Dazey, Charles Turner
- (1853? 1855?-1938)Born in Lima, Ohio, Dazey earned his lasting renown as the author of In Old Kentucky (1893), a melodrama with local color that broke national records by its continuing popularity on the road and in stock. Dazey attended the College of the Arts in Lexington, Kentucky, and Harvard University. When his first play, Rusticana, was produced at college, it led to its professional staging, followed by many more plays on Broadway, including Elsa (1882), For a Brother's Life (1885), The Rival Candidates (1894), The War of Wealth (1895), In Mexico-1848 (1896), The Tarrytown Widow (1898), The Suburban (1903), The American Lord (1906), The Three Lights (1911), and The Stranger (1911). Others were produced on the road. W. H. Thompson made a specialty of performing Dazey's vaudeville sketch The Old Flute Player. Dazey married Lucy Harding, and they had one son, Frank Dazey, a Hollywood screenwriter. Dazey was a member of the Lambs' Club in New York, but made his home in Quincy, Illinois, where he died on 9 February 1938.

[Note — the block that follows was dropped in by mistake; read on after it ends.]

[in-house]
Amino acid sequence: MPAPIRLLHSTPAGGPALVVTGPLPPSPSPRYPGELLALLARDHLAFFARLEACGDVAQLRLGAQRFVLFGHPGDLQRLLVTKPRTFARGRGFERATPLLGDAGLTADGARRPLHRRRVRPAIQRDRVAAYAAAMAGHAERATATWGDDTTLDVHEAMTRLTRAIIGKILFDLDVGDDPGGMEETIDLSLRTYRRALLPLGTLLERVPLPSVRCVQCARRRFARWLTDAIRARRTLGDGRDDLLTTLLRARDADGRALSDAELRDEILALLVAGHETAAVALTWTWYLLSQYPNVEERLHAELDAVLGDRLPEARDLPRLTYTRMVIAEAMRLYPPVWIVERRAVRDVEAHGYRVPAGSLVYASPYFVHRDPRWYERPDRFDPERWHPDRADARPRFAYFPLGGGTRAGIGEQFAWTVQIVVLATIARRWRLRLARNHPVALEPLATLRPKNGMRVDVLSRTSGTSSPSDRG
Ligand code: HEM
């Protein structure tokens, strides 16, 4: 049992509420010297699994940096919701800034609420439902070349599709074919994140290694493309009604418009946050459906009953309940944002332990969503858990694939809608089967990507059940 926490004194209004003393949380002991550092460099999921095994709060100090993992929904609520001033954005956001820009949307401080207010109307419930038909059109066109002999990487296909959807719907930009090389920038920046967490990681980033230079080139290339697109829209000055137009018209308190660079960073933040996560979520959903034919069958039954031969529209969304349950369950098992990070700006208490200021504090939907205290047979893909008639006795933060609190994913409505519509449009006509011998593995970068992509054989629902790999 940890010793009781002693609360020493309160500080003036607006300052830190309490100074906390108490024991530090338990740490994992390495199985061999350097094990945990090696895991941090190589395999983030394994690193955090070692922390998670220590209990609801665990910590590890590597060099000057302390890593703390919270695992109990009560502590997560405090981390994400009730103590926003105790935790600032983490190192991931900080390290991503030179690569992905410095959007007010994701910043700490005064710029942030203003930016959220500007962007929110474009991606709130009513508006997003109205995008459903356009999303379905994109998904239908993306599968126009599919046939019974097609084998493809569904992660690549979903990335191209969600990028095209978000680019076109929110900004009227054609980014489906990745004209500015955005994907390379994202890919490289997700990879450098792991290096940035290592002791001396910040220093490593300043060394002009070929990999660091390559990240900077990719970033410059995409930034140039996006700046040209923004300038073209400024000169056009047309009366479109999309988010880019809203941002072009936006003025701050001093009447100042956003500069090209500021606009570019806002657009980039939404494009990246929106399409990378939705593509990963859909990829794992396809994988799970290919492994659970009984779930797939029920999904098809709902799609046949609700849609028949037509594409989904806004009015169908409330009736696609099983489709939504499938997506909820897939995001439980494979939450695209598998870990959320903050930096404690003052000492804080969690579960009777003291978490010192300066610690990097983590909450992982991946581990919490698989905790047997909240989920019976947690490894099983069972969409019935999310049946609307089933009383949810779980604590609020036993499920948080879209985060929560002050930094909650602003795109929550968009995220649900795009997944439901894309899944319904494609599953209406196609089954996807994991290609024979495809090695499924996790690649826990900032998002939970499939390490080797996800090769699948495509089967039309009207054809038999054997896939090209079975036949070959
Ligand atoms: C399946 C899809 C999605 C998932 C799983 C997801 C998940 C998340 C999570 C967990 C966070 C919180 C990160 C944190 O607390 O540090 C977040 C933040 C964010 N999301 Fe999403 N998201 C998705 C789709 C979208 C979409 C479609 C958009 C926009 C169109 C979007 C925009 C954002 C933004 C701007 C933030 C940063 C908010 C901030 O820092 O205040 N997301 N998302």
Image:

The Historical Dictionary of the American Theater. James Fisher.